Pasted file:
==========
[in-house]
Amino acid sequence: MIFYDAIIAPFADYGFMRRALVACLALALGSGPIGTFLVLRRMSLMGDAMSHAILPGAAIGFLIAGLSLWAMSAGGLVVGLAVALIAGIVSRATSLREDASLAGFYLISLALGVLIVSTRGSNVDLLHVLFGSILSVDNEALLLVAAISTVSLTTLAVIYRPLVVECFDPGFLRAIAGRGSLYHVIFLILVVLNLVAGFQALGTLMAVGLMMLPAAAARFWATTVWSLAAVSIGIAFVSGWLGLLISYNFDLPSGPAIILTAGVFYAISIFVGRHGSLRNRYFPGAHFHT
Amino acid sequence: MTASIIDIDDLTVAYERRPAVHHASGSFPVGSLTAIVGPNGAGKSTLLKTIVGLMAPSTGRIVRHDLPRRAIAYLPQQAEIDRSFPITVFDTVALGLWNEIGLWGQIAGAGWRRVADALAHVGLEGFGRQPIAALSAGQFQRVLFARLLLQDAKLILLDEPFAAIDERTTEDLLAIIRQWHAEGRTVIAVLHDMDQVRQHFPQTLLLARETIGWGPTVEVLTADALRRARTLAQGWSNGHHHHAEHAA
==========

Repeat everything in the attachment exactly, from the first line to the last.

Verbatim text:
[in-house]
Amino acid sequence: MIFYDAIIAPFADYGFMRRALVACLALALGSGPIGTFLVLRRMSLMGDAMSHAILPGAAIGFLIAGLSLWAMSAGGLVVGLAVALIAGIVSRATSLREDASLAGFYLISLALGVLIVSTRGSNVDLLHVLFGSILSVDNEALLLVAAISTVSLTTLAVIYRPLVVECFDPGFLRAIAGRGSLYHVIFLILVVLNLVAGFQALGTLMAVGLMMLPAAAARFWATTVWSLAAVSIGIAFVSGWLGLLISYNFDLPSGPAIILTAGVFYAISIFVGRHGSLRNRYFPGAHFHT
Amino acid sequence: MTASIIDIDDLTVAYERRPAVHHASGSFPVGSLTAIVGPNGAGKSTLLKTIVGLMAPSTGRIVRHDLPRRAIAYLPQQAEIDRSFPITVFDTVALGLWNEIGLWGQIAGAGWRRVADALAHVGLEGFGRQPIAALSAGQFQRVLFARLLLQDAKLILLDEPFAAIDERTTEDLLAIIRQWHAEGRTVIAVLHDMDQVRQHFPQTLLLARETIGWGPTVEVLTADALRRARTLAQGWSNGHHHHAEHAA